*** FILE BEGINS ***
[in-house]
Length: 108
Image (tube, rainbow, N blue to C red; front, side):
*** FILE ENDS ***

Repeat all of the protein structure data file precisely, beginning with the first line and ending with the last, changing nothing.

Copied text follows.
[in-house]
Length: 108
Image (tube, rainbow, N blue to C red; front, side):